In other words, Sanders’ 30-minute speech, delivered at the Global Center for Health Innovation, wasn’t all that different from the presidential campaign the independent, liberal firebrand from Vermont waged last year in his failed bid to secure the Democratic Party nomination.
Left reeling from Republican President Donald Trump’s improbable victory in November, Sanders are other progressives are jostling to chart out a future path for liberals in America.
Although he fell short in his presidential bid, Sanders clearly has captured the energy of his party’s young, liberal base.
On Monday, Sanders called for a series of policy proposals — a $15 an hour national minimum wage, 12 weeks of guaranteed, paid family leave, tuition-free public college education and a “Medicare for all” single-payer healthcare system — that are reminiscent of European-style social democracies. (Not to mention the 2016 Democratic National Convention platform that Sanders and his supporters pushed for.) He said the policies could be paid for by taxing the rich, or as he put it, making them pay their “fair share.”
“It seems to me that our job is not to just oppose Trump’s reactionary agenda. Although we’ve got to do that and we’ve got to do it vigorously,” Sanders said. “… But in addition to that, what we need to do is put forth a progressive agenda that addresses the needs of working families in the country, an agenda that has a very different moral compass than that of President Trump.
Good morning all! Glad to see more and more new faces around here! If there are anymore lurkers who would like to comment but are having signup or posting issues, please contact me at tpwhelpdesk at gmail.
I have quite a bit to post so will start off with Bernie’s speech @ the Vermont People’s Climate Rally Saturday and then put all of the other news/videos I am catching up on from over the weekend in the comments.
Thousands of demonstrators gathered at rallies across New England on Saturday in events organized to coincide with a national climate march in Washington, D.C., and President Donald Trump’s first 100 days in office
Rallies occurred in cities including Boston; Concord and Portsmouth, N.H.; Montpelier, Vt.; and Augusta, Maine, with participants calling for the government to tackle environmental and economic problems stemming from climate change.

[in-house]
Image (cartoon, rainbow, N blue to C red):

In Montpelier, U.S. Sen. Bernie Sanders and Democratic Rep. Peter Welch spoke at the rally at the Statehouse while U.S. Sen. Patrick Leahy hosted Vermonters marching in Washington.
Sanders, who addressed an adoring crowd of about 3,000 people, said the climate marches are part of a fight for the future of the planet.
The former candidate for the Democratic presidential nomination said the fossil fuel industry puts short-term profits ahead of the best interests of the planet. He went through a litany of climate woes, including rising temperatures and increasing levels of carbon dioxide in the atmosphere, but he also noted a series of accomplishments that include ever-dropping costs of renewable energy production and well-paying jobs in renewable power.
Rob Quist spoke to a crowd of about 100 on Thursday afternoon about growing up across the river from the Blackfeet Indian Reservation, his time at UM and his ongoing congressional campaign.
“Coming to the University of Montana changed my life forever,” Quist said to the students gathered around the Grizzly Bear statue.
Protecting Montana’s public lands was Quist’s main talking point at the Thursday rally. Both he and Gianforte have spoken out against transferring public lands out of federal control.
He also included his stance on protecting funding for programs on Native American reservations, standing up for special interest groups while in Congress and stopping tax breaks for the rich. Some of his ideas echo former presidential candidate Bernie Sanders, who has announced that he’ll be campaigning for Quist in Montana.
Student loans was another issue Quist brought up. He said that the average student graduates with $37,000 in debt and he believes that is “fundamentally wrong.”
Quist: Actions Speak Louder Than Words On Keeping Public Lands Must Stay In Public Hands:
The entire Q&A as well as the rest of the news/videos I am watching will be in the comments. See you there!
For those of you who want to post more comments, let’s do it on this thread. The one earlier today is gettin’ kind of long.. one breaking item, House Will Not Vote on ACHA Rewrite in order to keep the government open. …Continue reading →
Capping off a session that includes future progressive candidates sharing why they’ve decided to run for office in the Age of Trump, Sen. Bernie Sanders (I-Vt.) addressed the People’s Action “Rise Up” summit on Monday afternoon.